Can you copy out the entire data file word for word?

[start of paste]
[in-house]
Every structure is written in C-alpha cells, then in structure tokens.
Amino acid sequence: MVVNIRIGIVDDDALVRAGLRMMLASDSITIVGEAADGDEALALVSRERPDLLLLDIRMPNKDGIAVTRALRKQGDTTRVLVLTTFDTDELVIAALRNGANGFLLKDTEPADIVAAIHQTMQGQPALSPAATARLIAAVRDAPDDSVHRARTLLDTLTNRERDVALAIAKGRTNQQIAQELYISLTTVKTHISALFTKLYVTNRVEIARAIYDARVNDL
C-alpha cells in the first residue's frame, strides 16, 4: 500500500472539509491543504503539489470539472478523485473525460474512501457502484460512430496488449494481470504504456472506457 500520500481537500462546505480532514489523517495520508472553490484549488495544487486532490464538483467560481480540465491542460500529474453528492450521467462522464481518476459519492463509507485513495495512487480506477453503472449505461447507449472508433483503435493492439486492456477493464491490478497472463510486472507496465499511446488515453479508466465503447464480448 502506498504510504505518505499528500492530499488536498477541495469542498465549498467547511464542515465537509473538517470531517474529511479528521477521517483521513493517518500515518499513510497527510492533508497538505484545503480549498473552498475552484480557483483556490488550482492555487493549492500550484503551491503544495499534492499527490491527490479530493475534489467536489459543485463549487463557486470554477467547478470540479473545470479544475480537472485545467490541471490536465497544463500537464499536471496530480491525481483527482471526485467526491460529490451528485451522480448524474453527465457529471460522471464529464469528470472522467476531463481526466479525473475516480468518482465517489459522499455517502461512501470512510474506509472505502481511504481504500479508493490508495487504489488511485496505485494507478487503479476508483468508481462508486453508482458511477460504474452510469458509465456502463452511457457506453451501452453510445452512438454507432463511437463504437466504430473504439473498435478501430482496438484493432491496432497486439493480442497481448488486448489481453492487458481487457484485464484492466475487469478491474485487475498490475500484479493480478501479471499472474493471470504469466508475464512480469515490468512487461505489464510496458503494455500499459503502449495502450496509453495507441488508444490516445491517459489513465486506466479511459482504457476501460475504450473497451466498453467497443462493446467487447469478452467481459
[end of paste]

[in-house]
Every structure is written in C-alpha cells, then in structure tokens.
Amino acid sequence: MVVNIRIGIVDDDALVRAGLRMMLASDSITIVGEAADGDEALALVSRERPDLLLLDIRMPNKDGIAVTRALRKQGDTTRVLVLTTFDTDELVIAALRNGANGFLLKDTEPADIVAAIHQTMQGQPALSPAATARLIAAVRDAPDDSVHRARTLLDTLTNRERDVALAIAKGRTNQQIAQELYISLTTVKTHISALFTKLYVTNRVEIARAIYDARVNDL
C-alpha cells in the first residue's frame, strides 16, 4: 500500500472539509491543504503539489470539472478523485473525460474512501457502484460512430496488449494481470504504456472506457 500520500481537500462546505480532514489523517495520508472553490484549488495544487486532490464538483467560481480540465491542460500529474453528492450521467462522464481518476459519492463509507485513495495512487480506477453503472449505461447507449472508433483503435493492439486492456477493464491490478497472463510486472507496465499511446488515453479508466465503447464480448 502506498504510504505518505499528500492530499488536498477541495469542498465549498467547511464542515465537509473538517470531517474529511479528521477521517483521513493517518500515518499513510497527510492533508497538505484545503480549498473552498475552484480557483483556490488550482492555487493549492500550484503551491503544495499534492499527490491527490479530493475534489467536489459543485463549487463557486470554477467547478470540479473545470479544475480537472485545467490541471490536465497544463500537464499536471496530480491525481483527482471526485467526491460529490451528485451522480448524474453527465457529471460522471464529464469528470472522467476531463481526466479525473475516480468518482465517489459522499455517502461512501470512510474506509472505502481511504481504500479508493490508495487504489488511485496505485494507478487503479476508483468508481462508486453508482458511477460504474452510469458509465456502463452511457457506453451501452453510445452512438454507432463511437463504437466504430473504439473498435478501430482496438484493432491496432497486439493480442497481448488486448489481453492487458481487457484485464484492466475487469478491474485487475498490475500484479493480478501479471499472474493471470504469466508475464512480469515490468512487461505489464510496458503494455500499459503502449495502450496509453495507441488508444490516445491517459489513465486506466479511459482504457476501460475504450473497451466498453467497443462493446467487447469478452467481459